Being able to both control and monitor neuronal activity is critical for learning how neuronal circuits process information and make decisions. However, while powerful tools to control neuronal firing using genetically encoded light-activated channels have recently been developed, limitations of current genetically encoded sensors of neuronal activity severely restrict their use for monitoring brain function. In particular, calcium sensors are slow and cannot report on subthreshold depolarizations. While voltage sensors could in principle be used to follow fast trains of action potentials and monitor subthreshold depolarizations, the low dynamic range of existing sensors makes them unsuitable for most experiments in vivo. Moreover, there are presently no calcium or voltage sensors that are efficiently excited by red (>550nm) wavelengths, a region of the spectrum that would enable their concurrent use with blue/greenabsorbing light-activated channels. The goal of this proposal is to address these needs by developing a new generation of genetically encoded voltage biosensors with significantly improved dynamic range and speed and the ability to be used concurrently with light-activated channels. This work will enable finer and more powerful functional dissection of the nervous system, while also establishing new protein engineering methods. The expertise of the lab in fluorescent proteins engineering will be leveraged to educate future scientists and engineers about research in protein engineering, and to introduce educators to the utility of genetically encoded biosensors for teaching scientific concepts in laboratory courses.

Intellectual Merit The engineering objective of this proposal is to apply knowledge of fluorescence spectroscopy and protein structure to quantitatively improve the performance of an existing class of voltage sensors (Aim 1) and to develop an entirely new class of voltage sensors (Aim 2). In the first aim, we will increase dynamic range via rational optimization of Förster resonance energy transfer (FRET) between fluorescent proteins linked to a voltage sensing domain. In the second aim, we will use a conformationally sensitive red fluorescent protein to report on movements of a voltage sensing domain with rapid kinetics. For both aims, we will employ rational design combined with comprehensive saturation mutagenesis and screening of important sites. This project will be a pioneering study in molecular engineering in two ways. It will be the first to rationally apply predictions from modeling of Förster resonance energy transfer to identify the factors limiting the fluorescence output response, and then to perform protein engineering to comprehensively address those factors. Second, this project will be the first to combine comprehensive screening with atomic-level structural knowledge of sensing domains and fluorescent proteins in order to create an entirely new class of allosteric voltage sensors; this research will thus give insight on the relative usefulness of prior knowledge and screening to the engineering of genetically encoded biosensors.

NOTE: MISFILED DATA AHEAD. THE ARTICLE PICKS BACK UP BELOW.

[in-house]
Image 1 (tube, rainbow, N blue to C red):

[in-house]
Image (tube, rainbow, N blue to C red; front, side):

Broader Impacts Voltage sensors developed through this project will be promptly disseminated to the larger scientific community. These sensors will have a broad impact on the field of neuroscience by enabling robust voltage sensing and concurrent control and readout of neuronal activity. Our work will also impact the field of bioengineering by validating concepts and establishing strategies for how to optimize the design of fluorescent protein-based sensors using energy transfer or allostery. The proposed project will provide an excellent opportunity to introduce undergraduates and high school students, including students from disadvantaged backgrounds, to research in molecular bioengineering. It will also provide the opportunity to introduce educators to the use of genetically encoded biosensing to create exciting laboratory lessons that teach important basic concepts while demonstrating the results of recent research in protein engineering.

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Stanford University
Palo Alto
United States
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